Concerned with lead pollution
Sept. 11, 2008
By Mona Boutin
The North Country Sportsmen’s Club in Williston is not doing any favors to the town of Williston by teaching more people to target shoot. The noise and accompanying echo made by the shots every Wednesday night and Sunday can be heard throughout the town and into several of the surrounding towns, including Richmond, Hinesburg and St. George. Williston is too residential for its taxpayers to have to put up with this type of invasion on our weeknight and weekends.
There are also environmental issues. A typical 1.25-ounce, 12-gauge shotgun shell contains about 280 lead shot pellets. This means that for every six shells shot, 1,680 lead pellets are deposited in the environment, which equals nearly one-half pound of lead. This lead is being dumped at an increased rate as the Club is now trying to shoot on Saturdays in addition to its current schedule. I have estimated that the Club is sitting on approximately 1,092,000 pounds of lead behind its clubhouse.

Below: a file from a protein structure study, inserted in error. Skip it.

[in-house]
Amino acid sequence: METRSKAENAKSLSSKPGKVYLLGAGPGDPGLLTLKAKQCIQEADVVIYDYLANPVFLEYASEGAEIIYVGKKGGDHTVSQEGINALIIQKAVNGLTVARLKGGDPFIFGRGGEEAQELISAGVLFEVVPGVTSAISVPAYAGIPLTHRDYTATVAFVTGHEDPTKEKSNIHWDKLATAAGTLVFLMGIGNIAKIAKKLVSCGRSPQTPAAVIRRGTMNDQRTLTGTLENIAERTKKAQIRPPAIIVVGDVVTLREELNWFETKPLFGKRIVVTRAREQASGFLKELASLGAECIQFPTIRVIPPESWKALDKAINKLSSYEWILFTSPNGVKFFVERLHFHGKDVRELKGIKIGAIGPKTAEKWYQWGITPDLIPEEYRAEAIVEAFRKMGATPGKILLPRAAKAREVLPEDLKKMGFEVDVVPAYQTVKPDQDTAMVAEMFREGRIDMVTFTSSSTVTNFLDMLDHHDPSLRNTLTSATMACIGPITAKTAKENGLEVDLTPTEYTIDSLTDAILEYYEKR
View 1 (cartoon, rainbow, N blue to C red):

This 546 tons of lead is also sitting in a “Wellhead Protection Area” on Old Creamery Road. This Wellhead Protection Area is clearly marked so people will be careful not to do anything that might contaminate the ground and water underneath. Water purification and 546 tons of lead are not compatible.
Our well has tested positive for lead; I encourage anyone who lives in the vicinity of the North Country Sportsmen’s Club to have their water tested.
Lead in drinking water can cause a wide variety of health issues. In babies and small children, their physical and mental development can be delayed and they may experience deficits in their attention span and learning abilities. In adults, it can increase blood pressure and people can even develop kidney problems.
Contrary to popular belief, lead cannot be boiled out of your water.
If you would like to have your water tested to make sure the levels of lead are safe, contact the EPA’s Safe Drinking Water Hotline at 800-426-4791.
I’m hoping this column will reach out to my fellow community members who are probably just as concerned as I am, and together, we can make a difference in our town.
Mona Boutin lives on Old Creamery Road in Williston.